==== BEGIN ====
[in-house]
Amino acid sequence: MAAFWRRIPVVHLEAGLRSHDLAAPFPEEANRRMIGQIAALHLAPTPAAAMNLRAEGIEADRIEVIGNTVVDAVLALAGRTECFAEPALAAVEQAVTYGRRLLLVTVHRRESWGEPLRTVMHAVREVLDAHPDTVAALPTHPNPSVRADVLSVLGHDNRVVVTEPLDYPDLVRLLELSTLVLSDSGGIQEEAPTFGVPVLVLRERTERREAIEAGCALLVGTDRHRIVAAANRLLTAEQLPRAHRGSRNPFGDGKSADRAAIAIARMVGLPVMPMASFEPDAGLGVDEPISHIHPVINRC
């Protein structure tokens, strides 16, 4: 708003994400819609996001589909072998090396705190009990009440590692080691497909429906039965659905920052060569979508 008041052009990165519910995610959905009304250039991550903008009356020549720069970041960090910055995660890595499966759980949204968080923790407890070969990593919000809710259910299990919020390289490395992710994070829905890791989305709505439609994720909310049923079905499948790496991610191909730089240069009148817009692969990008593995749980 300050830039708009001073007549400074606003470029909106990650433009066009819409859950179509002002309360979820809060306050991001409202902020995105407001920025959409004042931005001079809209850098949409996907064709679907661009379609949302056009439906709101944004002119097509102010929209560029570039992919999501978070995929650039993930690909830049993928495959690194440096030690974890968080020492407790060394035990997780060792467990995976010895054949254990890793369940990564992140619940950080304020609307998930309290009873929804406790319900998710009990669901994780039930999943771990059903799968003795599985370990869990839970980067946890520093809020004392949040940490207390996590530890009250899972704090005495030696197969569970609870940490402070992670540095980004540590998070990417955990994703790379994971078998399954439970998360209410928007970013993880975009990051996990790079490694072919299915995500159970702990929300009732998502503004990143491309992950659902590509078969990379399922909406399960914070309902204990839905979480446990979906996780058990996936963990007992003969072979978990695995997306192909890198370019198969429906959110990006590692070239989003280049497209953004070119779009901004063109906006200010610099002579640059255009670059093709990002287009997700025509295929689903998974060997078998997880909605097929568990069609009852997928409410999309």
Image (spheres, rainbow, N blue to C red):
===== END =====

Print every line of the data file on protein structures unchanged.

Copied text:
[in-house]
Amino acid sequence: MAAFWRRIPVVHLEAGLRSHDLAAPFPEEANRRMIGQIAALHLAPTPAAAMNLRAEGIEADRIEVIGNTVVDAVLALAGRTECFAEPALAAVEQAVTYGRRLLLVTVHRRESWGEPLRTVMHAVREVLDAHPDTVAALPTHPNPSVRADVLSVLGHDNRVVVTEPLDYPDLVRLLELSTLVLSDSGGIQEEAPTFGVPVLVLRERTERREAIEAGCALLVGTDRHRIVAAANRLLTAEQLPRAHRGSRNPFGDGKSADRAAIAIARMVGLPVMPMASFEPDAGLGVDEPISHIHPVINRC
């Protein structure tokens, strides 16, 4: 708003994400819609996001589909072998090396705190009990009440590692080691497909429906039965659905920052060569979508 008041052009990165519910995610959905009304250039991550903008009356020549720069970041960090910055995660890595499966759980949204968080923790407890070969990593919000809710259910299990919020390289490395992710994070829905890791989305709505439609994720909310049923079905499948790496991610191909730089240069009148817009692969990008593995749980 300050830039708009001073007549400074606003470029909106990650433009066009819409859950179509002002309360979820809060306050991001409202902020995105407001920025959409004042931005001079809209850098949409996907064709679907661009379609949302056009439906709101944004002119097509102010929209560029570039992919999501978070995929650039993930690909830049993928495959690194440096030690974890968080020492407790060394035990997780060792467990995976010895054949254990890793369940990564992140619940950080304020609307998930309290009873929804406790319900998710009990669901994780039930999943771990059903799968003795599985370990869990839970980067946890520093809020004392949040940490207390996590530890009250899972704090005495030696197969569970609870940490402070992670540095980004540590998070990417955990994703790379994971078998399954439970998360209410928007970013993880975009990051996990790079490694072919299915995500159970702990929300009732998502503004990143491309992950659902590509078969990379399922909406399960914070309902204990839905979480446990979906996780058990996936963990007992003969072979978990695995997306192909890198370019198969429906959110990006590692070239989003280049497209953004070119779009901004063109906006200010610099002579640059255009670059093709990002287009997700025509295929689903998974060997078998997880909605097929568990069609009852997928409410999309």
Image (spheres, rainbow, N blue to C red):